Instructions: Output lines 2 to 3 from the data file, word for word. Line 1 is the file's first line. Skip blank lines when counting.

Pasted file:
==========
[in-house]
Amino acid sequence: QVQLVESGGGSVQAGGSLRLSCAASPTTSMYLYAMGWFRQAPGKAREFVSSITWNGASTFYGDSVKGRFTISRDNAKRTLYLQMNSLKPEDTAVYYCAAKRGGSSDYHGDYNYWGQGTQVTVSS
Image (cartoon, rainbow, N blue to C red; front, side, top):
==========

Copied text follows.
Amino acid sequence: QVQLVESGGGSVQAGGSLRLSCAASPTTSMYLYAMGWFRQAPGKAREFVSSITWNGASTFYGDSVKGRFTISRDNAKRTLYLQMNSLKPEDTAVYYCAAKRGGSSDYHGDYNYWGQGTQVTVSS
Image (cartoon, rainbow, N blue to C red; front, side, top):